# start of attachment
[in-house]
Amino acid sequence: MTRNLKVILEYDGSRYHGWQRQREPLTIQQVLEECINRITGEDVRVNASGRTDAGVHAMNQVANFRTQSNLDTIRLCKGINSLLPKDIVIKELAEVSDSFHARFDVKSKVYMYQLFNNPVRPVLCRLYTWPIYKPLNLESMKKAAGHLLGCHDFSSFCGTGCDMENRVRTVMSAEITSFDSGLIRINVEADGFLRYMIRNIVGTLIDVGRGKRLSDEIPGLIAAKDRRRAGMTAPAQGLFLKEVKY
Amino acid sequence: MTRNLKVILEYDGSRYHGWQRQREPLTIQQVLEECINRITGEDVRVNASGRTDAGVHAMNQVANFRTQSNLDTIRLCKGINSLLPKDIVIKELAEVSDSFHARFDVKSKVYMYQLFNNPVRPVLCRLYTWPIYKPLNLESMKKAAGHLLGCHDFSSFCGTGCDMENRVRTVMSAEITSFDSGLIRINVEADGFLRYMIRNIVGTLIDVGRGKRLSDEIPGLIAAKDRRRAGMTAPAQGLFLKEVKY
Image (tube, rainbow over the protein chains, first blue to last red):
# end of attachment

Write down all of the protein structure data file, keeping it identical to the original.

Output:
[in-house]
Amino acid sequence: MTRNLKVILEYDGSRYHGWQRQREPLTIQQVLEECINRITGEDVRVNASGRTDAGVHAMNQVANFRTQSNLDTIRLCKGINSLLPKDIVIKELAEVSDSFHARFDVKSKVYMYQLFNNPVRPVLCRLYTWPIYKPLNLESMKKAAGHLLGCHDFSSFCGTGCDMENRVRTVMSAEITSFDSGLIRINVEADGFLRYMIRNIVGTLIDVGRGKRLSDEIPGLIAAKDRRRAGMTAPAQGLFLKEVKY
Amino acid sequence: MTRNLKVILEYDGSRYHGWQRQREPLTIQQVLEECINRITGEDVRVNASGRTDAGVHAMNQVANFRTQSNLDTIRLCKGINSLLPKDIVIKELAEVSDSFHARFDVKSKVYMYQLFNNPVRPVLCRLYTWPIYKPLNLESMKKAAGHLLGCHDFSSFCGTGCDMENRVRTVMSAEITSFDSGLIRINVEADGFLRYMIRNIVGTLIDVGRGKRLSDEIPGLIAAKDRRRAGMTAPAQGLFLKEVKY
Image (tube, rainbow over the protein chains, first blue to last red):